38 Pages Posted: 19 Mar 2011
Date Written: 1990
A rape often leaves a woman with a long term if not permanent impact on life. Not only is the reporting of and testifying to the rape an emotionally painful experience, but the further dissemination of information by the media intensifies these harms. The Supreme Court has weighed the important privacy concerns of the victim against the legitimate interests of the media in reporting newsworthy events in two key cases: Cox Broadcasting Corp. v. Cohn and Florida Star v. B.J.F. Although the Court took a stance against limiting news stories relying on public documents in Cox Broadcasting, it did leave open the possibility of valid state sanctions against disclosure of the names of sexual assault victims prior to trial in Florida Star. The authors take the view that states should adopt narrowly and carefully written statutes designed to provide true protection for victims, while still not unduly interfering with the legitimate concerns of the media. Ending with a proposed statute, the authors conclude that states can protect victims from hurtful disclosures, encourage those victims to come forward, and continue to not unduly limit the public’s First Amendment right to know.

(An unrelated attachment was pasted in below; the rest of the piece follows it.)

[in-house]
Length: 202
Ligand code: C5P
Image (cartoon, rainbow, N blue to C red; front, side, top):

Keywords: rape, sexual assult, impact, media, privacy, disclosure, victims, and First Amendment
Suggested Citation: Suggested Citation
Marcus, Paul and McMahon, Tara L., Limiting Disclosure of Rape Victim’s Identities (1990). Southern California Law Review, Vol. 64, No. 4, 1990-1991; William & Mary Law School Research Paper No. 09-84. Available at SSRN: https://ssrn.com/abstract=1788914